Social workers and placement officers – under huge pressure to find places for kids to live – gloss the referral paperwork given to foster carers and residential homes (yes you do), meaning providers cannot make informed decisions anyway. There would obviously be much less pressure on placement officers if placement turnaround was reduced – so this is something of a self-defeating circle.
My view is, if the referral and placing systems had credibility it would be entirely appropriate that when providers close placements on young people for presenting with issues they were well aware of before they arrived – and that they had claimed they work with – then they should incur a financial penalty. This would incentivise them to a) stop taking unsuitable referrals, b) meaningfully improve the quality of what they are offering and c) stick with kids a bit longer. However, this will only be possible if more thought is given to –
I have written in detail elsewhere about how the current legislative framework does not allow for provision which would meaningfully help a number of, particularly vulnerable and high-risk young people. But that aside – managing risk really means accepting and tolerating a young person’s risky behaviours. The risk can rarely be removed and often can only be significantly reduced when a child is in a settled placement and has strong relationships with his or her carers. Bouncing them from generic placement to generic placement obviously does zero to achieve this. Providers, local authorities, Ofsted and the police all need to understand this.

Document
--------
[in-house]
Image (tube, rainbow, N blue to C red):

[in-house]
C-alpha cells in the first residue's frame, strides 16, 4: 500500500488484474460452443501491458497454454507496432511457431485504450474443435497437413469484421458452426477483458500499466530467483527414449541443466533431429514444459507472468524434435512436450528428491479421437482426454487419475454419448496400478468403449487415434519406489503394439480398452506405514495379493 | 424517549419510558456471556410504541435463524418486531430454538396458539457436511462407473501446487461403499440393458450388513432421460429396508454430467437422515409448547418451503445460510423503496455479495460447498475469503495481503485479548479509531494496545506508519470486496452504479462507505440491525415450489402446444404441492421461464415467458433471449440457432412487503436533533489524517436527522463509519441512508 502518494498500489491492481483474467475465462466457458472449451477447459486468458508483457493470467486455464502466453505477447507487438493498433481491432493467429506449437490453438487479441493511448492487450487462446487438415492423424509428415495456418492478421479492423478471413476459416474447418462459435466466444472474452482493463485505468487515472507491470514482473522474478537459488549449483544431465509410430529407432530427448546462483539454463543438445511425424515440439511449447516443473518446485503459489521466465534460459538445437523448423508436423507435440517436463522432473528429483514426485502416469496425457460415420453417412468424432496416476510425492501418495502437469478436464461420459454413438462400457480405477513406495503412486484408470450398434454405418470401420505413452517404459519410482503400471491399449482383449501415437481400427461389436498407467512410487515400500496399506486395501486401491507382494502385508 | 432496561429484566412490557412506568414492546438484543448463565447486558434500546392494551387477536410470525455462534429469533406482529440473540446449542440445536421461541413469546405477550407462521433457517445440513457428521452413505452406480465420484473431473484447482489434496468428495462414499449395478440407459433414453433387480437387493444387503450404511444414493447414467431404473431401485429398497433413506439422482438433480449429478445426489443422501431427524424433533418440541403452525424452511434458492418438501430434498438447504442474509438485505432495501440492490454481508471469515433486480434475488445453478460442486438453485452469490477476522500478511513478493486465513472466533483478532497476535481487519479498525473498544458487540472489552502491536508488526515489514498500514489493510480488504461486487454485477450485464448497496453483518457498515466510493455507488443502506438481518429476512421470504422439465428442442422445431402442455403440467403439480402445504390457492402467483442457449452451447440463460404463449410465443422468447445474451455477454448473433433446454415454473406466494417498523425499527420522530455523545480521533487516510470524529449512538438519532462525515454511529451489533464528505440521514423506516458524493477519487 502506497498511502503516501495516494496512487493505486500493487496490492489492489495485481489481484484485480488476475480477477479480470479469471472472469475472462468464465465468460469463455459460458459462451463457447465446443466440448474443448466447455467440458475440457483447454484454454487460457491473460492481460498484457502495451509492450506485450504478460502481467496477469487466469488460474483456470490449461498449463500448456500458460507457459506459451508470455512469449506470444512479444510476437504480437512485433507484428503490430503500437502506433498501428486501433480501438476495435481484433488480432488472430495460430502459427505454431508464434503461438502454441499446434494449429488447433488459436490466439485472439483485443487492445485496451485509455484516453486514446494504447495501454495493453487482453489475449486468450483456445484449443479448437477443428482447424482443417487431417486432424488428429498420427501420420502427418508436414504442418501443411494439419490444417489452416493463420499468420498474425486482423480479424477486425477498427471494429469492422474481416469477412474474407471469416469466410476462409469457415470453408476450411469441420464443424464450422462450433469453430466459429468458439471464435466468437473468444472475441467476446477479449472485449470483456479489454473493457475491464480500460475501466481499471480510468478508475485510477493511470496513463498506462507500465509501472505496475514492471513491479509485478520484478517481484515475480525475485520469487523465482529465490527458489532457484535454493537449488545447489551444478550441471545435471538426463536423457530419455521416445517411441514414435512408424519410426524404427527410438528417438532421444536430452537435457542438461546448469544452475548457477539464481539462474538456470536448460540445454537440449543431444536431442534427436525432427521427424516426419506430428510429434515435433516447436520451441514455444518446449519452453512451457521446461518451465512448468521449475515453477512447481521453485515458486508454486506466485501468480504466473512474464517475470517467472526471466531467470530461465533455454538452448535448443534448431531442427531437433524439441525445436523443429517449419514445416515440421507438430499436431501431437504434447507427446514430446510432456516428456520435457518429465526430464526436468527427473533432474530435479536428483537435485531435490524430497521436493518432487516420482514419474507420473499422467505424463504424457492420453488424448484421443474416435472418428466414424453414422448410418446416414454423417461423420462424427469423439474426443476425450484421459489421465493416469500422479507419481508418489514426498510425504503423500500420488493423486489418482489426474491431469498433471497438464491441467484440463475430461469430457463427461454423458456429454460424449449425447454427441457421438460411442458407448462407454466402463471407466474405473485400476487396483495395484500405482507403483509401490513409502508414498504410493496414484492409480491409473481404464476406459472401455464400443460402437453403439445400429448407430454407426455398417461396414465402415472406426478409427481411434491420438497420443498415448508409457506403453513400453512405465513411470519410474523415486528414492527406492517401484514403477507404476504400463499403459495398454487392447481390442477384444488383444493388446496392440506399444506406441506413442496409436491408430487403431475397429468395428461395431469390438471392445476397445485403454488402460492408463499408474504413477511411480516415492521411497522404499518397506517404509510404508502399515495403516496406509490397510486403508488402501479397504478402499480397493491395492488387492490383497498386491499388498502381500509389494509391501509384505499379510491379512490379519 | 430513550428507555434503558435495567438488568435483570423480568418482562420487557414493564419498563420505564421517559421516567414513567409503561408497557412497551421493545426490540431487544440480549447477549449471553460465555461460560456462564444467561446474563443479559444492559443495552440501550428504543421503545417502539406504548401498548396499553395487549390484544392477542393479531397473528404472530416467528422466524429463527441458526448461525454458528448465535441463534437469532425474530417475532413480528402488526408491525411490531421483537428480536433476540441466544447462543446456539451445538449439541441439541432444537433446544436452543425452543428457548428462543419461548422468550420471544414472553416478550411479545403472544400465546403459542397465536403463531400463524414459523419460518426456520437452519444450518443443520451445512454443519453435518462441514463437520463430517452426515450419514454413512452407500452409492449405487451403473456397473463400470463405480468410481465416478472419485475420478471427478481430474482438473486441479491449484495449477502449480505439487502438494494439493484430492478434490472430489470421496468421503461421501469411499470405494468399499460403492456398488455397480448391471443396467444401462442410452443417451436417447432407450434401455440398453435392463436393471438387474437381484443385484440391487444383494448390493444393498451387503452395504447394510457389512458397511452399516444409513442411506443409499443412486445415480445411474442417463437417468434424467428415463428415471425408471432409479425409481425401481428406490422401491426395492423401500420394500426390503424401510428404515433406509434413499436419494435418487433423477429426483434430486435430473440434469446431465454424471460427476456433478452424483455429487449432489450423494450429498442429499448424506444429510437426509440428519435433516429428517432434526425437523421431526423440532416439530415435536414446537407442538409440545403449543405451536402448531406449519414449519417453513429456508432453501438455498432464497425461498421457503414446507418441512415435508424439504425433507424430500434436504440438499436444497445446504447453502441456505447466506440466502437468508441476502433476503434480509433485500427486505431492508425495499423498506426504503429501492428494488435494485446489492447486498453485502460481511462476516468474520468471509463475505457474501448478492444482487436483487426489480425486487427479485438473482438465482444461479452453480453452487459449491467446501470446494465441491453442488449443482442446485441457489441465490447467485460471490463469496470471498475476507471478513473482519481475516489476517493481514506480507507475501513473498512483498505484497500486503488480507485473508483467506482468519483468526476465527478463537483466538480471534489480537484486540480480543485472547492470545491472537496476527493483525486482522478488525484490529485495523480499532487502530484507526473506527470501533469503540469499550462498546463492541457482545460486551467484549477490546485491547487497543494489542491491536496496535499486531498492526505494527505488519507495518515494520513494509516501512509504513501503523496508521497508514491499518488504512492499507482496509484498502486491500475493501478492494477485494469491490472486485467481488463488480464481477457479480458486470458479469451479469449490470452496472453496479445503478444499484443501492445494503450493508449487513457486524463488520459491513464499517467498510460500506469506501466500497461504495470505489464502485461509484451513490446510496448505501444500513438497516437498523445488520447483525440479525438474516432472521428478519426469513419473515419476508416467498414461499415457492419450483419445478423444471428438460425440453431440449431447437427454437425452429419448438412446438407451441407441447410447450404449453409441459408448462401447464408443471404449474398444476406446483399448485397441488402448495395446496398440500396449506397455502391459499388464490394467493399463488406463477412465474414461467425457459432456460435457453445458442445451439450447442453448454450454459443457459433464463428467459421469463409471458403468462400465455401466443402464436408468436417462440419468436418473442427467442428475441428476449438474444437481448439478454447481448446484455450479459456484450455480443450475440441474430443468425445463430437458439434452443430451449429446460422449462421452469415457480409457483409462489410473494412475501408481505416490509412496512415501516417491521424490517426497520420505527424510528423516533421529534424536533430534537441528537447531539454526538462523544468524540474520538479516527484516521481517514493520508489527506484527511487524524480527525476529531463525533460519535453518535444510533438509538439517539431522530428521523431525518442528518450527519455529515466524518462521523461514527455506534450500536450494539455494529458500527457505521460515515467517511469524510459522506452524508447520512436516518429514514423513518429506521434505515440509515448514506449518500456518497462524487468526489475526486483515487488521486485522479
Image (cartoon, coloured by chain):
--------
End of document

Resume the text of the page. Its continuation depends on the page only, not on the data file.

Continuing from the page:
Staff training and recruitment
It remains a ridiculous joke that someone can walk out of a job in, say, retail, and into one looking after the most vulnerable and traumatised children in society – most of whom come with an array of related mental health issues. It is a role that requires a certain temperament and resilience for sure, but to do it properly it also requires specialist knowledge and skills. Substantial training should be required before you even apply for the job and be on-going. Obviously, training alone does not mean someone would be good at the job, but this is an argument that could be made about teachers or nurses – no one would argue that they do not need training or qualifications before they start their jobs.
In short, it should be professionalised. This would mean pay would have to be commensurate in order to attract the right kind of person and this means children’s social care has to be properly funded. Money is not the only issue here but it is a denial of objective reality to argue it isn’t part of the problem.
Provision and planning for children leaving care is an absolute scandal. Ad hoc, underfunded, left to the last minute – it is not as if it is a surprise when a young person turns 18! This remains as terrible as it always been and all of the above would be pointless if any good work that is done is going to be undone the moment they become legal adults.
I am not good enough. Initially, during the first few years, I was full of energy and commitment but I did not have the skills, knowledge and training that I needed to do the job properly. I have that now, but I am tired and jaded – I no longer give enough.